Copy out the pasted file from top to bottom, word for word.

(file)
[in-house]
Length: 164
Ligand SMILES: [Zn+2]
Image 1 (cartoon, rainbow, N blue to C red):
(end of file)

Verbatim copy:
[in-house]
Length: 164
Ligand SMILES: [Zn+2]
Image 1 (cartoon, rainbow, N blue to C red):